In winter, when the flu and other colds make the rounds again, we can then go back to kissing each other a little less, and we should wash our hands even without a virus present. And people who’ll get sick nonetheless can then don their masks to show others what they have learned from this pandemic. And if we still haven’t learned to protect our at-risk groups, we’ll have to wait for a vaccine that will hopefully also be effective in at-risk people.

July 16, 2021  

A fermented-food diet increases microbiome diversity and lowers inflammation, study finds

Stanford University, July 13, 2021

A diet rich in fermented foods enhances the diversity of gut microbes and decreases molecular signs of inflammation, according to researchers at the Stanford School of Medicine. 

In a clinical trial, 36 healthy adults were randomly assigned to a 10-week diet that included either fermented or high-fiber foods. The two diets resulted in different effects on the gut microbiome and the immune system.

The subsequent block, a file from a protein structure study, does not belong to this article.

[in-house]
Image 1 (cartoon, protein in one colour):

Eating foods such as yogurt, kefir, fermented cottage cheese, kimchi and other fermented vegetables, vegetable brine drinks, and kombucha tea led to an increase in overall microbial diversity, with stronger effects from larger servings. "This is a stunning finding," said Justin Sonnenburg, PhD, an associate professor of microbiology and immunology. "It provides one of the first examples of how a simple change in diet can reproducibly remodel the microbiota across a cohort of healthy adults."

In addition, four types of immune cells showed less activation in the fermented-food group. The levels of 19 inflammatory proteins measured in blood samples also decreased. One of these proteins, interleukin 6, has been linked to conditions such as rheumatoid arthritis, Type 2 diabetes and chronic stress. 

"Microbiota-targeted diets can change immune status, providing a promising avenue for decreasing inflammation in healthy adults," said Christopher Gardner, PhD, the Rehnborg Farquhar Professor and director of nutrition studies at the Stanford Prevention Research Center. "This finding was consistent across all participants in the study who were assigned to the higher fermented food group."

Microbe diversity stable in fiber-rich diet